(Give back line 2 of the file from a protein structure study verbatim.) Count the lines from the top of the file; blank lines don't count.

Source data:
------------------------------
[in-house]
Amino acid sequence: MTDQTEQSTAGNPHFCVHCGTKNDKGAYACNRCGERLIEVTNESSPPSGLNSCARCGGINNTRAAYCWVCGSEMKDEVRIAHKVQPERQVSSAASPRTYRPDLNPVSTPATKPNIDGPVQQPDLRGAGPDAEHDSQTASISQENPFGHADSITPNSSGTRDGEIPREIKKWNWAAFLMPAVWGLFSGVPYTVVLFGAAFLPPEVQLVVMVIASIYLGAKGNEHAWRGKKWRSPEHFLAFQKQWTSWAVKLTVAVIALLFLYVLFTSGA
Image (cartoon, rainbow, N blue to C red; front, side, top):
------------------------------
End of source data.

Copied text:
Amino acid sequence: MTDQTEQSTAGNPHFCVHCGTKNDKGAYACNRCGERLIEVTNESSPPSGLNSCARCGGINNTRAAYCWVCGSEMKDEVRIAHKVQPERQVSSAASPRTYRPDLNPVSTPATKPNIDGPVQQPDLRGAGPDAEHDSQTASISQENPFGHADSITPNSSGTRDGEIPREIKKWNWAAFLMPAVWGLFSGVPYTVVLFGAAFLPPEVQLVVMVIASIYLGAKGNEHAWRGKKWRSPEHFLAFQKQWTSWAVKLTVAVIALLFLYVLFTSGA